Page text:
Jeweller cuts margin to bolster Sales

Chairman Michael Hill yesterday described the March quarter as solid, with sales up in Australia and down in New Zealand and Canada.

"However these sales results were achieved on lower margins as a result of increased 'sale' activity in all markets in an attempt to offset the difficult global retail environment," Hill said.

"Management continues to focus on cost reductions in an effort to offset the lower margins."

Sales for the nine months ending March 31 were up 9.9 per cent at $314.9 million, with same store sales up 1.9 per cent at $273.9 million, when reported in New Zealand dollars.

The United States continued to be tough and the company was focused on improving its business and establishing its brand in that market, Hill said. US sales for the nine months were US$6.2 million.

Last year Michael Hill International spent $7 million to acquire 17 jewellery stores in the US.

Forsyth Barr retail analyst Guy Hallwright said the update showed a continuation of a general trend of sales slipping – although at a relatively benign rate given the difficult conditions facing all retailers.

The exception was Australia, which was encouraging, he said.

Weaker sales had been expected as the chain tried to move upmarket but it was disappointing that more progress had not been made to boost margins.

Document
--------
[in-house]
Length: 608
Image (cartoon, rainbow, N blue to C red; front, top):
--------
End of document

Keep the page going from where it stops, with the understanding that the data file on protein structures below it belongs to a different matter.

Financial results for the six months ending December 31 posted earlier this year showed net profit of $65.6 million, up from $19.5 million.

However, the result included a one-off deferred tax credit of $52.9 million from selling the intellectual property of the Michael Hill Jeweller System from Michael & Co Ltd to its Australian subsidiary Michael Hill Franchise for $294 million.

Half-year profit before tax was $17.9 million, down 37 per cent on the year before.

The company said then the result had been affected by one-off expenses of $1 million associated with buying the US stores, $1.2 million in restructuring costs, $2.4 million in trading losses in the US and a margin loss of $4.3 million on Christmas inventory caused by a fall in the US dollar.

If the abnormal items were taken out the adjusted profit before tax would be $26.7 million, the company said.

The dollar's moves upward would improve things a little, Hallwright said.

By Owen Hembry

– New Zealand Herald